Thirty new dengue cases were reported on Monday, while the Delhi government and the MCD — the nodal body to control the mosquito-born menace — blamed each other for the uncertainty about the exact numbers.
According to the Municipal Corporation of Delhi (MCD), the total number of confirmed cases of the vector-borne disease is 588.
While the MCD is maintaining that their records are “foolproof”, the Delhi health ministry does not seem satisfied.
“The MCD had no answers when I asked them basic questions relating to dengue data such as how many hospitals report cases to them, timeline, zonal break up,” Kiran Walia, Delhi Health Minister, told HT.
This was after the health minister had a two-hour meeting with officials from the civic body and the Delhi Government as well as heads of government and private hospitals in the city.
The meeting was called to find ways to maintain database on dengue cases and also curb the spread of the disease.
“Dengue cases this year are much lower than previous years. The mechanism of reporting cases has been the same and we have nothing to hide,” said Dr NK Yadav, the MCD’s chief medical officer.
“Unless they have a proper database of reported dengue cases, it will be difficult to establish from which area or zone are most cases being reported. Random precautionary measures are useless,” said the health minister, insisting on a focused attitude to tackle the spreading of the disease.
“Our job is to curb the menace and not maintaining data. We report what the hospitals report to us,” said Dr Yadav.
“Precaution is the best thing and that is what we are trying to do,” Dr Yadav told the health minister, when asked by the health minister as to what they were doing to curb the menace.
As an immediate measure, the health minister has instructed three Delhi government hospitals — Sanjay Gandhi Memorial Hospital, Baba Saheb Ambedkar Hospital and Headgewar Hospital — to prepare and formulate the blood platelets to meet immediate platelet crises.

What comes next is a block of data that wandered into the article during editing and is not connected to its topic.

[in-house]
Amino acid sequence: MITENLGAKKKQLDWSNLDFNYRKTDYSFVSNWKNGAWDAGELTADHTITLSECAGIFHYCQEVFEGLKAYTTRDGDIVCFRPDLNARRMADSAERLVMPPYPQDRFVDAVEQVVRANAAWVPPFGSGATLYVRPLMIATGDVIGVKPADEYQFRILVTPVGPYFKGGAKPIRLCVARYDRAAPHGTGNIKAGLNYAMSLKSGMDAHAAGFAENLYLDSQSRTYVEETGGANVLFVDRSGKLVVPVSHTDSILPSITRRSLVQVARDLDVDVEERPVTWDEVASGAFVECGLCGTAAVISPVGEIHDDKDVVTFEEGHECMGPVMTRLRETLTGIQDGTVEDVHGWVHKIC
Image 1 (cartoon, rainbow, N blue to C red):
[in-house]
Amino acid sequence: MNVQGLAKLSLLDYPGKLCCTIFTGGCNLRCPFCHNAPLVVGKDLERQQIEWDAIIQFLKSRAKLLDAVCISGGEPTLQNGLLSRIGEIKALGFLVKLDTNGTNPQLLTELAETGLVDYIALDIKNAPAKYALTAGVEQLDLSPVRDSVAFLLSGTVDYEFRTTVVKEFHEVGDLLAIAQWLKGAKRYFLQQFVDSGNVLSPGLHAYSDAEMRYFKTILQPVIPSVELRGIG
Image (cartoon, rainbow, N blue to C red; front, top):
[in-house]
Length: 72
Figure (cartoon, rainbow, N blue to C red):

“The Emergency in all hospitals will be made operational round the clock to take care of dengue patients. Elaborate arrangements of medicines will be made,” said Walia.
Walia has also instructed all private hospitals to furnish regular reports of dengue patients failing in which strict prosecutions as per provision will be made.
Medical superintendents of all private and public hospitals have also been directed to keep sufficient blood in their blood banks.
The civic body was also asked to gear up its machinery to combat dengue fever and to issue challans to violators.
Councillors express concern
The rising cases of dengue in the city has led to municipal councillors raising concerns over the Municipal Corporation of Delhi’s ability to tackle the viral disease.
BJP councillor Jitender Singh Shunty pointed out that out of all metropolitan cities only Delhi still faced rising number of dengue cases.
“I have collected data from all private nursing homes and hospitals as well as government hospitals on the number of dengue cases reported so far. The number stands at 2,153 and the maximum cases have been reported from GTB hospital,” he said.
“The MCD did not carry out fogging properly and in a timely manner leading to rise in dengue cases.”
“Increased construction activity in the city due to Commonwealth Games has led to increased breeding as stagnant pools of water are usually found around such sites," said Mayor Kanwar Sain.
Opposition leader JK Sharma alleged that the MCD did not have enough fogging machines and has had to hire machines to carry out fogging.